The effect of a flood will be dependent on the flood characteristics.  If the water simply backs up behind the stop bank, then the damage is likely to be limited to the effect on that year’s crop (say, due to silting affecting the plants).  It is understood that it would take raging floodwaters to impact on the vines and structures themselves; in this case a portion of these may need to be replaced with a two-year impact on rental returns and increased capital costs.

Insurance is not realistically available for this type of event.

  • The property is purchased on 17 March 2017 and development will commence immediately. 
  • The lease starts 1 July 2019 and is set at the cost of the developed orchard plus 7% p.a. for two years multiplied by a lease rate of 7%.  On the forecast developed cost of $17.76 million the capital cost for rent purposes is $20.2 million and the rental itself would be $1.41 million p.a.  This is the initial rental and is the minimum lease for the term of the investment.
  • In 1 July 2023 the rental will go to a market rental with rent reviews every three years thereafter.   

We believe it prudent that the Partnership fix interest for a period of five years.  Our latest quotation for five year fixed interest for a similar project was for a rate of 5.5%.  It is possible that this rate may change prior to the loan being booked.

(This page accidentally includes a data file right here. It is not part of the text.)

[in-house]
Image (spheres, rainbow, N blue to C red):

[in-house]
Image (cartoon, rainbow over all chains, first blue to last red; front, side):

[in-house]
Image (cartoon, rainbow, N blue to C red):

In many of our investments, the investors elect a board of directors from amongst their number.  In this case, Bartletts Creek is a passive investment with the main functions of the General Partner and the Board of the GP to supervise the development and ensure that the lessee meets their obligations.  On that basis the investment has been established with MyFarm effectively controlling the GP on behalf of the investors with the following key provisions:

  • No less than three directors.